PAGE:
Victor Derksen Siemens and Siblings
Brick Number: 

In memory of Sarah Derksen Siemens
Sarah had an idyllic beginning. She was born on April 10, 1912 in the small village of Altonau. This was one of 16 villages in the larger Mennonite colony of Sagradovka (present-day Ukraine). The Ingulets River flowed nearby – a safe place for swimming, fishing, picnicking and community gatherings.
Sarah remembers the watermelon, peaches and cherries growing in almost every garden: “I crawled under a hedge to the neighbor’s yard to eat their cherries”. Grandparents, cousins and friends lived in the same village. But as the community expanded, land for farming became scarce. Sarah’s family and grandparents left their village to settle in the fertile Caucasus region - a three-day journey.
It was here that Sarah’s father (a conscientious objector) was assigned to the forestry service by the Tsarist regime. She rarely saw her father during his 4 ½ year term, even at Christmas.  With increasing unrest in the region, Sarah’s mother and grandparents decided to move the family back to Altonau. Their home housed the local school. Sarah started at age seven but sadly her education was often interrupted.
The terror of the Bolshevik Revolution and ensuing Civil War disrupted their lives. When Sarah was seven years old (1919), Mennonite villages in her colony were attacked. Famine, poverty, disease and brutal warfare claimed many lives.
Sarah remembers an officer searching their house for eggs, flour and meat. More soldiers were gathered in the south end of the village. Sarah’s mother instructed the children to “Open all the doors and windows. Spread straw on the floor for bedding. Then welcome the soldiers in.”
Red and White armies crisscrossed the countryside, demanding food, fresh horses and shelter. Sarah’s family always welcomed these strangers for a meal and a bed. Sarah remembers walking over sleeping soldiers to help her mother make breakfast: “You never knew who would be sleeping there. Reds or Whites – all came to our house on different nights. But they were good to us. Some of them gave us children sugar candy.” Sarah believes her family was spared many horrors because they did not resist. Their open doors might have saved their lives.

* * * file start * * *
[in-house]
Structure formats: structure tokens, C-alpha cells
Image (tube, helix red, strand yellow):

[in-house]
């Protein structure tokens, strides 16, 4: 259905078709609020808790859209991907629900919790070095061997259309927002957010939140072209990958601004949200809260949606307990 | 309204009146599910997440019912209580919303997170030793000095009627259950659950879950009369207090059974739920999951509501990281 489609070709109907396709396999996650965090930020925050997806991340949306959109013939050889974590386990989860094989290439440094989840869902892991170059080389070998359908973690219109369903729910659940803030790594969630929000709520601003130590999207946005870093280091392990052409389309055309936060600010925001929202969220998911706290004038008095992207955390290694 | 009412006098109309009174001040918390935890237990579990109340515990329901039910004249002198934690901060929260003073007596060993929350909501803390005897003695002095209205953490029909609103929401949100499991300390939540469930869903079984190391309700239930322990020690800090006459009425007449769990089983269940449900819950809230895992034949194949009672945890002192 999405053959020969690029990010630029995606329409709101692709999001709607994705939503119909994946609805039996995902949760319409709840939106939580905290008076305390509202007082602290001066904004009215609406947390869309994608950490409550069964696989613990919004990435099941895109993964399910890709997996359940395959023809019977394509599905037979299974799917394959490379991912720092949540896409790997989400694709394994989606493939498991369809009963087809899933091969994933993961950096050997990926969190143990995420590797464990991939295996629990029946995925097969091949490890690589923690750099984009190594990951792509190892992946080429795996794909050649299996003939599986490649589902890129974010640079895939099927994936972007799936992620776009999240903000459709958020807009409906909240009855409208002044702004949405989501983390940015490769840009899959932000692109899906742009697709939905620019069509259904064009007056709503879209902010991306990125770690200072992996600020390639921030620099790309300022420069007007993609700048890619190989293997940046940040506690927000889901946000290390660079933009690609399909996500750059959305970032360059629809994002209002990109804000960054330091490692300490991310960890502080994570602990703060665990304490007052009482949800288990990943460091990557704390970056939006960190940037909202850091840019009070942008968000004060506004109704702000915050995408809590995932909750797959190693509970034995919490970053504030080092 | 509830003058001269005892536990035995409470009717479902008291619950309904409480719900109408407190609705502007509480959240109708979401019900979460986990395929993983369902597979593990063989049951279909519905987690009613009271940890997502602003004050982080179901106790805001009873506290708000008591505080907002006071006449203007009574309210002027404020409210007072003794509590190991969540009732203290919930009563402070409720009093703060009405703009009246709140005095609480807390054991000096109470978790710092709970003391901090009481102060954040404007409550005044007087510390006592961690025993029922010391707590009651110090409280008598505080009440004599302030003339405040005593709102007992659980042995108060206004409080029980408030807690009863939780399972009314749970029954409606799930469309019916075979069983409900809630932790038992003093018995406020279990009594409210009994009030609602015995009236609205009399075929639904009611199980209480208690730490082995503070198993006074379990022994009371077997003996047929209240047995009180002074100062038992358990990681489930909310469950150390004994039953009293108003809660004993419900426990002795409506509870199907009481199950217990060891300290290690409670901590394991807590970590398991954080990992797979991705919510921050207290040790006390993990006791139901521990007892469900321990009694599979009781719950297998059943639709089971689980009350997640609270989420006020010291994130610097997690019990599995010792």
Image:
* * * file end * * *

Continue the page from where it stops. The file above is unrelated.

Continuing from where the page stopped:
When survival seemed almost impossible, Sarah’s family left Russia in 1925. She was 13 years old. Sarah remembers riding the train to Moscow and staying in a hotel. While the parents completed all the documents necessary to emigrate, the four children stayed in the hotel room. For seven days they entertained themselves. But Sarah clearly remembers that “A kind lady in the hotel gave us children a book of fairy tales. Oh we loved that book.”
This book encased the train tickets when the family finally boarded a train in Moscow. “The train was very crowded,” Sarah explains.  “For one and a half days we could only sit. No one could lie down or stretch out.” Military officers boarded the trains at various stops and were not always trustworthy. The family’s bag of blankets, pillows and a dried ham was stolen on their way out of Russia. But the book holding the tickets was protected – their guarantee of travel to Latvia, and finally to freedom in Canada.